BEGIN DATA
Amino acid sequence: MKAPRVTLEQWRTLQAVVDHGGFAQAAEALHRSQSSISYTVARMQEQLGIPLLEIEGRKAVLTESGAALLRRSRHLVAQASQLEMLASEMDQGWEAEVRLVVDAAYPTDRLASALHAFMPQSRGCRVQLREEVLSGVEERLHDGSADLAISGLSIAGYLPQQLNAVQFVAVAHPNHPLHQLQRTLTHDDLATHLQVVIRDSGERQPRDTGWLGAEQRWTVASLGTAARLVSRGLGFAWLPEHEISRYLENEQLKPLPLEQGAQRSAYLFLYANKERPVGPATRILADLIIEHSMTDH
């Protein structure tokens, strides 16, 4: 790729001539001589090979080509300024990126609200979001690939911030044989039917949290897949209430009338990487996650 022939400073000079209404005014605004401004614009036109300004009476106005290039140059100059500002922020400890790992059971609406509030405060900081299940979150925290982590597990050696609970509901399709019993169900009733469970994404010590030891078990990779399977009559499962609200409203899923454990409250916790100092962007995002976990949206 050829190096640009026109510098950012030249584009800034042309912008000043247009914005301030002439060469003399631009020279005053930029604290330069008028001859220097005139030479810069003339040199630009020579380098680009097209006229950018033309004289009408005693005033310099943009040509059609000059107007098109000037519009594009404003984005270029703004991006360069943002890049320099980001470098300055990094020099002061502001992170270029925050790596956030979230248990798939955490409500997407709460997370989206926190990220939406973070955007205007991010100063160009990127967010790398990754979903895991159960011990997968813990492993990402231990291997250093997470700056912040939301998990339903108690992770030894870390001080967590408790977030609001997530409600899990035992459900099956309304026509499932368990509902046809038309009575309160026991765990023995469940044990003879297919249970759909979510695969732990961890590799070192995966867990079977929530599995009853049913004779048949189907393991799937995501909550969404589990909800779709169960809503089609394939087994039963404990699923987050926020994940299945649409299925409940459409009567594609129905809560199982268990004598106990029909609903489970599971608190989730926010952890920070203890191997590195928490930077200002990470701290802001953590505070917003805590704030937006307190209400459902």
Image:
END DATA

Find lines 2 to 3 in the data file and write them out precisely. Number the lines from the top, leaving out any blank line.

């Protein structure tokens, strides 16, 4: 790729001539001589090979080509300024990126609200979001690939911030044989039917949290897949209430009338990487996650 022939400073000079209404005014605004401004614009036109300004009476106005290039140059100059500002922020400890790992059971609406509030405060900081299940979150925290982590597990050696609970509901399709019993169900009733469970994404010590030891078990990779399977009559499962609200409203899923454990409250916790100092962007995002976990949206 050829190096640009026109510098950012030249584009800034042309912008000043247009914005301030002439060469003399631009020279005053930029604290330069008028001859220097005139030479810069003339040199630009020579380098680009097209006229950018033309004289009408005693005033310099943009040509059609000059107007098109000037519009594009404003984005270029703004991006360069943002890049320099980001470098300055990094020099002061502001992170270029925050790596956030979230248990798939955490409500997407709460997370989206926190990220939406973070955007205007991010100063160009990127967010790398990754979903895991159960011990997968813990492993990402231990291997250093997470700056912040939301998990339903108690992770030894870390001080967590408790977030609001997530409600899990035992459900099956309304026509499932368990509902046809038309009575309160026991765990023995469940044990003879297919249970759909979510695969732990961890590799070192995966867990079977929530599995009853049913004779048949189907393991799937995501909550969404589990909800779709169960809503089609394939087994039963404990699923987050926020994940299945649409299925409940459409009567594609129905809560199982268990004598106990029909609903489970599971608190989730926010952890920070203890191997590195928490930077200002990470701290802001953590505070917003805590704030937006307190209400459902």
Image: